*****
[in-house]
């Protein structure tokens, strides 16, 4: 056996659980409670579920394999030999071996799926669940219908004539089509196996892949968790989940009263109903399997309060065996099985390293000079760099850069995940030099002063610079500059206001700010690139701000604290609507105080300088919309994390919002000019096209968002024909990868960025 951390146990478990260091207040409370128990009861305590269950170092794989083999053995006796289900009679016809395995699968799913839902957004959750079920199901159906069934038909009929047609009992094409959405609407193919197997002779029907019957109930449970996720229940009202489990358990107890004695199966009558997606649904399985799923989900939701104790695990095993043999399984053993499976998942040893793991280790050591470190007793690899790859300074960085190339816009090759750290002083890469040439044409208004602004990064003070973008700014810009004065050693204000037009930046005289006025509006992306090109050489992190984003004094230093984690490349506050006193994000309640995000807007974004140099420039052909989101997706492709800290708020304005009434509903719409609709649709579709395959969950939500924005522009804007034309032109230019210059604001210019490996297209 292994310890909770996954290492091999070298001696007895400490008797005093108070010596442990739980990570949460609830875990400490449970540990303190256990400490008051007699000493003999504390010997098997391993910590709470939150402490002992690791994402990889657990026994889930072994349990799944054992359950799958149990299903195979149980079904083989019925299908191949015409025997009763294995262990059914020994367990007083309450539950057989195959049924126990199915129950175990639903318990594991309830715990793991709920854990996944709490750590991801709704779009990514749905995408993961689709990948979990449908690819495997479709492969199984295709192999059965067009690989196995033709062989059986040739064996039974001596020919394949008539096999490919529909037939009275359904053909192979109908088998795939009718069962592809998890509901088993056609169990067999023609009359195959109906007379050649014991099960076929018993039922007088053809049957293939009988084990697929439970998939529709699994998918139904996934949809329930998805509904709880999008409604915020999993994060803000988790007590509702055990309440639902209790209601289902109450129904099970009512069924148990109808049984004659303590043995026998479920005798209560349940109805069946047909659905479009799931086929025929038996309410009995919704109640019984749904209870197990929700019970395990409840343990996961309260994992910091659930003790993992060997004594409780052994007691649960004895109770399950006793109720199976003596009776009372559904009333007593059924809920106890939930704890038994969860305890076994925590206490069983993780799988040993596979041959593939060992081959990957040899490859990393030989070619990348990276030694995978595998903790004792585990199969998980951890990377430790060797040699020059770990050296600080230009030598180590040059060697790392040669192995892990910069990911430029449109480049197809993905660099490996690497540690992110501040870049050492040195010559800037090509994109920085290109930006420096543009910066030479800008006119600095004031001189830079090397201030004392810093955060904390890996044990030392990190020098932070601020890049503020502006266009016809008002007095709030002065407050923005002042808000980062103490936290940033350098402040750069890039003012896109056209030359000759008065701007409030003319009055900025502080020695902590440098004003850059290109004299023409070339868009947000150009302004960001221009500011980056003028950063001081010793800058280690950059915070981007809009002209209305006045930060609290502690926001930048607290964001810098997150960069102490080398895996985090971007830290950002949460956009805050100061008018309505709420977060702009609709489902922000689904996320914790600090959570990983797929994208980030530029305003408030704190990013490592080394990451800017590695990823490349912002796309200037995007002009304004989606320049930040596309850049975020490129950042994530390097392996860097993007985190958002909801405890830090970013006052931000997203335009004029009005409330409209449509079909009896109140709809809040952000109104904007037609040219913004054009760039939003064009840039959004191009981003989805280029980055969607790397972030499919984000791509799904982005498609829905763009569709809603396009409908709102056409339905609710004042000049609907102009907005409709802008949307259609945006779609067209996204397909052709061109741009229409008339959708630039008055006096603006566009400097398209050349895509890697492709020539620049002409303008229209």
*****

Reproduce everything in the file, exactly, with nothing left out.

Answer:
[in-house]
């Protein structure tokens, strides 16, 4: 056996659980409670579920394999030999071996799926669940219908004539089509196996892949968790989940009263109903399997309060065996099985390293000079760099850069995940030099002063610079500059206001700010690139701000604290609507105080300088919309994390919002000019096209968002024909990868960025 951390146990478990260091207040409370128990009861305590269950170092794989083999053995006796289900009679016809395995699968799913839902957004959750079920199901159906069934038909009929047609009992094409959405609407193919197997002779029907019957109930449970996720229940009202489990358990107890004695199966009558997606649904399985799923989900939701104790695990095993043999399984053993499976998942040893793991280790050591470190007793690899790859300074960085190339816009090759750290002083890469040439044409208004602004990064003070973008700014810009004065050693204000037009930046005289006025509006992306090109050489992190984003004094230093984690490349506050006193994000309640995000807007974004140099420039052909989101997706492709800290708020304005009434509903719409609709649709579709395959969950939500924005522009804007034309032109230019210059604001210019490996297209 292994310890909770996954290492091999070298001696007895400490008797005093108070010596442990739980990570949460609830875990400490449970540990303190256990400490008051007699000493003999504390010997098997391993910590709470939150402490002992690791994402990889657990026994889930072994349990799944054992359950799958149990299903195979149980079904083989019925299908191949015409025997009763294995262990059914020994367990007083309450539950057989195959049924126990199915129950175990639903318990594991309830715990793991709920854990996944709490750590991801709704779009990514749905995408993961689709990948979990449908690819495997479709492969199984295709192999059965067009690989196995033709062989059986040739064996039974001596020919394949008539096999490919529909037939009275359904053909192979109908088998795939009718069962592809998890509901088993056609169990067999023609009359195959109906007379050649014991099960076929018993039922007088053809049957293939009988084990697929439970998939529709699994998918139904996934949809329930998805509904709880999008409604915020999993994060803000988790007590509702055990309440639902209790209601289902109450129904099970009512069924148990109808049984004659303590043995026998479920005798209560349940109805069946047909659905479009799931086929025929038996309410009995919704109640019984749904209870197990929700019970395990409840343990996961309260994992910091659930003790993992060997004594409780052994007691649960004895109770399950006793109720199976003596009776009372559904009333007593059924809920106890939930704890038994969860305890076994925590206490069983993780799988040993596979041959593939060992081959990957040899490859990393030989070619990348990276030694995978595998903790004792585990199969998980951890990377430790060797040699020059770990050296600080230009030598180590040059060697790392040669192995892990910069990911430029449109480049197809993905660099490996690497540690992110501040870049050492040195010559800037090509994109920085290109930006420096543009910066030479800008006119600095004031001189830079090397201030004392810093955060904390890996044990030392990190020098932070601020890049503020502006266009016809008002007095709030002065407050923005002042808000980062103490936290940033350098402040750069890039003012896109056209030359000759008065701007409030003319009055900025502080020695902590440098004003850059290109004299023409070339868009947000150009302004960001221009500011980056003028950063001081010793800058280690950059915070981007809009002209209305006045930060609290502690926001930048607290964001810098997150960069102490080398895996985090971007830290950002949460956009805050100061008018309505709420977060702009609709489902922000689904996320914790600090959570990983797929994208980030530029305003408030704190990013490592080394990451800017590695990823490349912002796309200037995007002009304004989606320049930040596309850049975020490129950042994530390097392996860097993007985190958002909801405890830090970013006052931000997203335009004029009005409330409209449509079909009896109140709809809040952000109104904007037609040219913004054009760039939003064009840039959004191009981003989805280029980055969607790397972030499919984000791509799904982005498609829905763009569709809603396009409908709102056409339905609710004042000049609907102009907005409709802008949307259609945006779609067209996204397909052709061109741009229409008339959708630039008055006096603006566009400097398209050349895509890697492709020539620049002409303008229209």